If you require radiation as part of your cancer treatment, this should be completed prior to any flap reconstruction, as radiation can affect tissue and distort the reconstruction.
If the abdomen cannot be used, there are other potential secondary donor sites for microsurgical breast reconstruction, including the upper inner thigh (TUG flap) and the buttocks (SGAP and IGAP flaps).
- Uses your own tissue
- Creates soft and natural-looking breast
- Rejuvenates the abdomen (a tummy tuck)
- Conceals donor scars
- Brings healthy, new skin to the chest which may be necessary in patients who have skin damage from multiple previous surgery scars, radiation, or failed implant reconstruction
- More easily matches shape of opposite breast than implant reconstruction would.
- Has a very low chance of needing future revisional surgeries
- Has less risk of abdominal weakness, bulge, or hernia after surgery than a pedicled TRAM
- Has less risk of partial fat necrosis (scar lumps in breast) than a pedicled TRAM
- Requires longer hospitalization (4-5 days) than implant reconstruction would
- Abdomen needs to recover as well (requiring 6-8 weeks of limited physical activity)
- Longer surgery time
- Technically more difficult and requires surgeon to have additional training; not all centers and surgeons are comfortable with performing microsurgery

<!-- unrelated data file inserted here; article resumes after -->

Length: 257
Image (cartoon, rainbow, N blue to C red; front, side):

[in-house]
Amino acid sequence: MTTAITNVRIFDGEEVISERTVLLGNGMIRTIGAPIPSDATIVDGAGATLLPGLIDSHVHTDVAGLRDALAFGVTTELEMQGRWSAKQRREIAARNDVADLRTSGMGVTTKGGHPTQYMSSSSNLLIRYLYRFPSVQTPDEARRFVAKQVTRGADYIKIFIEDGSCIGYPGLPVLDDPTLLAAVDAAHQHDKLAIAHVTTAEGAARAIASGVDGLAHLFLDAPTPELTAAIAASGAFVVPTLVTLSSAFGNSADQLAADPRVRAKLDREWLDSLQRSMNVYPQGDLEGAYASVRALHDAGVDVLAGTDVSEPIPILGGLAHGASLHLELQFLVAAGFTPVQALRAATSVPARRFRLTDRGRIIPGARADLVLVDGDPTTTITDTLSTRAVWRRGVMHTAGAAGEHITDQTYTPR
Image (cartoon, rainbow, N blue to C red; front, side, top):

Preparing for DIEP Flap Surgery
Before the breast reconstruction surgery, you will need to have a CT angiogram (CTA or “CAT” scan) of your abdomen which maps out the blood vessels of the abdomen and can help determine which vessels are suitable for use during the microsurgery. You will also need to get some baseline blood tests and usually meet with an anesthesia doctor prior to surgery.
You will be asked to stop taking all over-the-counter pain or fever medicines (except Tylenol) and blood thinners for two weeks prior to your procedure. As well, many herbal medicines can cause bleeding and so need to be stopped before surgery. Examples include ginkgo biloba, St. John’s Wort, and high doses of fish oil, flaxseed oil, or vitamin E. To improve the success of the surgery, it is also important to stop all hormone treatments, such as Tamoxifen, if possible one month prior to surgery. After discharge from the hospital, you can resume hormone treatments.